"Green" Cleaning for Carpet Cleaners

This fact sheet discusses environmental concerns related to the carpet cleaning industry. Information presented in this fact sheet is intended to provide a general understanding of the statutory and regulatory requirements governing the carpet cleaning industry. This information is not intended to replace, limit, or expand upon the complete statutory and regulatory requirements presented in the Illinois Environmental Protection Act and Title 35 of the Illinois Administrative Code. These requirements can be found online at www.ipcb.state.il.us.

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Carpet Cleaning Van

Because carpet cleaning generates wastewater, it is your responsibility to properly manage and dispose of this byproduct. This fact sheet discusses how the carpet cleaning industry operates, why wastewater is a concern, ways to properly dispose of wastewater, and offers suggestions on environmentally friendly carpet cleaning processes. Contact information is presented at the end of this fact sheet.

How Does the Carpet Cleaning Industry Operate?

Depending on the location of the carpet or the type of treatment required for the carpet, two different carpet cleaning processes may be used.

  • "Dry" cleaning uses a minimal amount of liquid and a blend of compounds for restorative cleaning, regular scheduled maintenance, and emergency cleanup. This process uses a homogenized blend of solvents, including a cleaning agent, rinsing agent, and neutralizing agent, heated to about 200 degrees Fahrenheit and applied to the carpet.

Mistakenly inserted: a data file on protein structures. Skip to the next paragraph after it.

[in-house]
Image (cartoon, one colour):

• Steam extraction is commonly used for restoration jobs. This truck-mounted system uses antimicrobial, urine and odor treatment chemicals. This process uses the same chemicals used in "dry" cleaning, but the rinsing agent is blended in the truck-mount, and more water is used in rinsing.

Industry standards exist for upholstery, carpet and other cleaning procedures. Carpet cleaning requires the following procedures: vacuuming, pretreatment and conditioning, extraction, nap setting, and drying. Vacuuming removes most particulate soil, pretreatment and conditioning loosen soil with a mild solvent cleaner, extraction rinses away the cleaning solvent, and nap setting and drying allow the remaining solvent to vaporize and dry. If these procedures are not followed, indoor air quality could pose a health concern both for the cleaner and those at the residence or business.

Why is Discharging Wastewater from Carpet Cleaning a Concern?

Carpet cleaning creates wastewater that includes chemicals from the cleaning formula as well as waste products such as grease and organic matter from the carpet itself. Many chemicals currently used are highly alkaline and aggressive enzymes and disinfectants which if used or managed improperly can cause harm to humans and the environment. A standard cleaning formula may contain a high concentration of sodium bicarbonate and lower concentrations of sodium citrate, sodium phosphate, sodium silicate, anionic surfactant, and nonionic surfactant . Formulas can also contain dyes, polymers, enzymes, bleaches, and solvents of alcohols, esters, and glycol ethers. Some specialized cleaners also contain various forms of butyl, such as butyloxy ethanol (also known as butyl cellusolve) used in the "dry" cleaning method of carpet cleaning. This chemical can damage the central nervous system, kidneys, liver and blood.

What Should I Do with My Carpet Cleaning Wastewater Discharge?


Wastewater can be filtered before discharge to a sanitary sewer. Residue on the filter can be disposed of along with your general waste when the filter is completely dry. The MWRDGC requires that particles of 0.5 inch or more in diameter be filtered out of wastewater before discharge to the sanitary sewer.